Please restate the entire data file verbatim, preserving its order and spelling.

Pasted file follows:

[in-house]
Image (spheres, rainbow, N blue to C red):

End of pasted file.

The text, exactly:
[in-house]
Image (spheres, rainbow, N blue to C red):